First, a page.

Paying it Forward: The Grateful Way of Life

Paying it Forward: The Grateful Way of Life

Charity’s November 2019 Newsletter

“As we express our gratitude, we must never forget that the highest appreciation is not to utter words but to live by them.” John F. Kennedy

Despite the numerous reminders to be thankful we are bound to encounter as we enter the holiday season and approach Thanksgiving, I can’t help but feel weird and off topic if I don’t address the topic of gratitude in this month’s newsletter. At the same time, with so many gratitude reminders we are likely to encounter in the coming months, I wonder if there is anything truly new or significant that I have to contribute to the conversation on gratitude.As I’ve reflected on this, I’m reminded of a series of events I experienced a few months ago as the summer was ending and we were just getting a glimpse of cooler weather – that, in and of itself, was something to be grateful for at the time!The first occurred when I met a colleague at a local restaurant on a Sunday afternoon to collaborate on future projects. Being the chatty folks therapists tend to be, we continued talking at the table long after we paid for our food, which worked out well for me because I had left my credit card in the payment tray after signing the bill. As my colleague reminded me, I was fortunate to have a kind server return my card to me despite us taking a prolonged amount of time in his booth where another paying customer could tip him.The next morning, I decided to treat myself to Chick-fil-a, but when I pulled up to the drive-thru window, I was pleasantly surprised to find out the person in front of me had generously pre-paid my order for me. I was so surprised and caught off guard, I only said thank you without ever thinking to also “pay it forward” to the person behind me.
As if I had not already benefited from the kindness of strangers, the next day, I went to a local Panera to study for an upcoming specialty certification exam. Since music helps me focus, I had my headphones on throughout the day and listened to music on my phone. Where I went, so did my phone and headphones – at least until I left my phone in the bathroom. When my music suddenly stopped mid-song a half hour later, I thought my battery must have died but lucky for me, one more kind employee picked up my phone and looked around to see how music could be playing but no sound coming out! She kindly brought me my phone as she saw me confused and rummaging through my purse looking frantically for the source of my music interruption.
The next morning as I was traveling to meet a friend to help update her resume, I thought to myself – finally, I’m going to have the chance to pay it forward because people have been so incredibly generous to me all week. As I reflected on the concepts of generosity and the particular practice of paying it forward, I realized that gratitude and generosity aren’t so much about single acts of kindness, though that is certainly one way in which we can practice generosity. Rather, gratitude, generosity, kindness, and a loving spirit are ways of life, not just things we do but who we strive to be. Aside from the random drive thru customer for whom I cannot speak, all of the people who previously “paid it forward” to me in the week didn’t do so because of some quid pro quo agreement they made with themselves or someone else, they did it because it was the right thing to do and boy am I glad they did!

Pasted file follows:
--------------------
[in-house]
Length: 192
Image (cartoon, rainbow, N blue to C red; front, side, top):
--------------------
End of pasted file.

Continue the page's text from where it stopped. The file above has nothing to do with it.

So, as we enter the holiday season and approach the Thanksgiving holiday, a time that can be marked with great celebration but also a reminder of significant loss, I hope we will all consider gratitude and generosity as ways of life and not just something to be focused on for a few months out of the year. I hope you will find the practices below helpful for living in a spirit of gratitude and of course remember that kindness, whenever practiced with a genuine heart, is a virtue, even if practiced with oneself.

Gratitude: A Daily Practice

  • Notice the good things in life. You may keep a gratitude journal or jar where you list multiple things you are grateful for on a daily basis. You can also take a moment every day to write down something specific you are grateful for and why that is significant for you. For example, “I am grateful for my dog, not only because he adores me, but also because he reminds me to be playful and take time to relax on a regular basis.”
  • Pause and savor the feeling of gratitude as it spontaneously occurs. Rather than allowing gratitude to be a fleeting experience, take notice and attend to it when it occurs. For instance, when the sun comes out after days of clouds and rain, rather than simply saying, “I’m glad the rain finally stopped”, take a moment to go outside and absorb the sunshine, stand in the warmth of the light, and notice the birds and animals out and about.
  • Express gratitude directly to others and share how their generosity impacted you in a significant way. For instance, rather than just saying, “Thanks for calling”, say “Thank you for calling to check on me today. It’s been a long week and I really appreciate you being there for me.”
“Gratitude turns what we have into enough, and more. It turns denial into acceptance, chaos into order, confusion into clarity…it makes sense of our past, brings peace for today, and creates a vision for tomorrow.” 
Melody Beattie

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